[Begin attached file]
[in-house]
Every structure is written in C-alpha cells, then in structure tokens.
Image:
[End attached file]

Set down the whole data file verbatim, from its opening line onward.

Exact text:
[in-house]
Every structure is written in C-alpha cells, then in structure tokens.
Image: